Hey @ramm thanks for the contribution.. nice take on using the flexibility of the plastic, instead of cutting so much a big sheet could even be heated and bent into that form. We’re currently doing quite a bit of development with bending, perhaps we can prove your concept and inspire another workspace somewhere out there to take your design into reality 🙂
Quick update in the time that has long since past..
With the idea of creating an outdoor bench, I’ve moved into the first prototype made out of plastic to test the strength of the beams and the joinery method. This prototype is only a single seater made from the bulk plastic and scrapwood. It feels very sturdy and there is hardly any flex in the thick beams. Each leg assembly weighs just over 5kgs and I used HDPE for one assembly and PP for the other, both result in same weight but behave very different on the inside.
You can see in image 1 how the PP has cooled and left a large cavity through most of the beam, where the PE legs are far more consistant and dense. It’s also interesting to note how much more the HDPE has shrunk than the PP. The cavities in the PP meant that two rods were needed as opposed to one.
Image 2 shows the process of cutting the slot, drilling it and assembling it to the other beam. Bolts will then be used to pull the one part into the other.. this process allows for great versatility should there be any unexpected surprises inside your beam. It is also very strong if your groove tolerance is tight. Drilling the holes was also fairly straight forward taking care to mark holes properly and set the angles accordingly.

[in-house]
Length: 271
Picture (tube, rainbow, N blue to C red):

Image 3 shows the assembled peice from various angles. The surface texture differs slightly between the PP and HDPE beams, but the actual extrusion follows surprisingly similar pattern. The idea is to keep this piece relatively simple, making use of mechanical fasteners and easily available machines and tools..
@timslab , nice progress. Could you explain the right hand photo in image 1? How are the two rods anchored into the PP? That is a large void. Is the left image as extruded?
For cutting the slot, a low cost XY cross vise and an endmill or router bit in the drill press could make that easier than the chisel approach.
Hey @s2019, oh.. a large void in explanation too! haha
I’ve used barrel nuts that are commonly used in furniture. One 10mm hole allows the nut to slide into the piece which can then accept 6mm thread. I’ve used two in that case because the cavity was so large.
Yes, left is as extruded.
As for the process, I set the blade depth on the table saw to 10mm and made multiple cuts. The chisel was for fine finishing. Our in-house hand router has a set speed that just seems too high and melts the plastic, leaving a nasty finish.
I want to share with you some designs ive been working on.
Here is the sketchup file.
One more thing, long ago i designed this Fog Water Captation System.
I´d love to see it tested or prototyped. I cannot do it so, im sharing it.
I love furniture, but im most exited about this kind of things. Please keep up
being so cool, and inspiring us all. Timslab, thanks a lot!